1. Subpoena for production;
  2. Subpoena to give evidence; and
  3. Subpoena for production and to give evidence

This guide will deal mostly with the subpoena for production (1), though, it might be necessary to subpoena a medical expert to give evidence at a hearing.

What constitutes medical record?

Medical record means the histories, reports, diagnoses, prognoses, interpretations and other data or records, written or electronic, relating to the person’s medical condition, that are maintained by a physician, hospital or other provider of services or facilities for medical treatment1

Before you apply

It is important to note that the Family Court of Australia will not issue a subpoena for a self-represented litigant unless a registrar has given prior approval.2 In such a case, it is necessary to prepare a letter to support the subpoena.

How to apply

Step 1: Fill out the form You will need to complete the form titled Subpoena which is obtainable from Court registries or downloadable from the court websites:

  1. Family Court
  2. Federal Circuit Court
  3. Family Court of Western Australia

Note: Make sure that the form that you are filling out has been approved by the court in which you are litigating.


Download Sample Subpoenas

When completing the subpoena form, keep in mind:

■   –       A subpoena must identify the person to whom it is directed by name or by description or office or position. If you wish to subpoena an organisation, the subpoena should be directed to a person authorised to act on behalf of the organisation.

■   –       A subpoena for production must identify the specific documents to be produced. For example: “Any records, notes or reports or any other written material held by any facility of X Area Health Service, including but not limited to Hospital X relating to person X and relating to an alleged sexual assault on 1/01/2014.”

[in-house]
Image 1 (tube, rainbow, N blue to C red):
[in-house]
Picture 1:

■   –       You cannot request the issue of a subpoena requiring the production of a document in the possession of the Court or any other Court. To seek a document in the possession of a Court you have to give written notice to the Court.

Step 2: File the Subpoena Once you have completed the subpoena, file it at the Court. You will need to file the original and at least two copies. You will need to ensure that you have enough copies for service on each other party including the independent children’s lawyer if one has been appointed. The Court will keep the original subpoena and give you back the copies sealed with the Court’s stamp.

Step 3: Serve the subpoena

3.1 Mode of service There are differing requirements for service in different jurisdictions.

  • –    Family Court of Australia: The Court requires that a person who requested the subpoena to be issued must arrange for it to be personally handed to the named person.